Thomas D. Wiggins was the first merchant in Winchester, and sold his goods in a log cabin. The next merchants were Col. Crabb, Hayter, Spyker and Daugherty, and following them were the Decherds, Tom Pryor, Alfred Henderson, Tom Wilson, Joe Klepper, Mark Hutchins and Mr. Blackwood. The first saloon or grocery where liquors were sold was kept by Daniel Eanes & Son, between 1810 and 1820. The town grew rapidly at its commencement, and by an act of the General Assembly of the State, passed October 28, 1813, Ralph Crabb, Jonathan Spyker, James S. M. Wherter, James Estill and James Russell were appointed commissioners for the purpose of regulating the town, with authority to levy and collect taxes and compel the inhabitants to work on the streets and alleys. He built the third hotel and third brick building in the town. (Goodspeed -History of Franklin County, Tennessee).
i Pension Application of Joel Lewis: W780 Transcribed and annotated by C. Leon Harris State of Tennessee}
ii“William Russell Smith” by Anne Easby-Smith, pg 20
Start researching your family genealogy research in minutes. This inexpensive Ebook has simple instructions on how to get started with FREE sources. Download WHERE DO I START? Hints and Tips for Beginning Genealogists with On-line resources to your computer immediately with the FREE APP below and begin your research today!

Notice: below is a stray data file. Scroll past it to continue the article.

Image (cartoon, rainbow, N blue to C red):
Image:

“This book was very informative and at a very modest price. Thank you for your great newsletter and this book.”
“The book was clear & concise, with excellent information for beginners. As an experienced genealogist, I enjoyed the chapter with lists of interview questions. I’d recommend this book to those who are just beginning to work on their genealogies. For more experienced genealogists, it provides a nice refresher.”